San Jose Passes the Nation's First Gun Insurance Mandate

San Jose Passes the Nation's First Gun Insurance Mandate

The "Gun Harm Reduction Ordinance" will require all gun owners to purchase firearm liability insurance.

For years, gun control advocates have argued that law-abiding gun owners should be required to carry liability insurance. This week, San Jose became the first municipality in the nation to pass a measure that will put such restrictions on Americans. With the passage of the "Gun Harm Reduction Ordinance," San Jose City Council will require gun owners to have liability insurance and pay an annual fee for owning firearms.

In addition to mandating an annual fee of $25 per household, the measure requires gun owners to purchase insurance that covers losses or damages resulting from "any negligent or accidental use of the firearm," including death, injury, or property damage. Should a gun be stolen or lost, the owner of the firearm would be considered liable until the theft or loss is reported to authorities.

San Jose mayor Sam Liccardo suggested that the liability insurance would encourage gun owners to acquire gun safes, install trigger locks, and take gun safety classes.

Gun owners will have six months to comply, the San Jose Spotlight reported, but gun owners who don't actually have the insurance won't lose their firearms or face criminal charges. It remains unclear how the legislation will be enforced.

What About the Money?

As there are upwards of 55,000 San Jose households that have at least one firearm, the annual fee is expected to bring in about $1.3 million annually. When a similar measure was first proposed in 2019, those fees were designed to offset the nearly $8 million annual cost the city incurs in responding to "firearms-related" incidents, many of which could be from illegally owned guns.

Now that the measure has passed, the $1.3 million is expected to be sent to a nonprofit that will distribute the funds to various organizations involved in suicide prevention, mental health services, firearm safety training, and victim compensation.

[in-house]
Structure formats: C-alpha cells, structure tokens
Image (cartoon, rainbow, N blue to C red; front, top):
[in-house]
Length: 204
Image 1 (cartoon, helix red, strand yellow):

Yet no nonprofit has actually been set up, and it remains unclear how the money will be collected and monitored by the city.

According to reports, some fifty-one people spoke in opposition to the bill at Tuesday's city council meeting. They argued that the measure will do little to solve the issue of gun violence and instead will punish legal gun owners who haven't committed any crimes.

The National Rifle Association's Institute for Legislative Action (NRA-ILA) expressed similar concerns. In a statement, the NRA-ILA called the measure "an attempt to punish law-abiding gun owners for owning a lawful product, by making them pay for the activities of criminals. Taxing lawful ownership and requiring insurance will do nothing to reduce gun violence, which is often committed by repeat criminals who will not be paying the fees or obtaining insurance.” The NRA-ILA claimed that “it simply increases the cost for law-abiding citizens to exercise a constitutional right. Violent criminals in illegal possession of firearms cannot be required to comply with these measures, as the ordinance’s attestation requirements violate their right against self-incrimination."

Even with the measure passed, it remains to be seen if residents actually comply and whether it makes any difference in reducing gun-related crime.

Peter Suciu is a Michigan-based writer who has contributed to more than four dozen magazines, newspapers and websites. He regularly writes about military small arms, and is the author of several books on military headgear including A Gallery of Military Headdress, which is available on

Image: Reuters.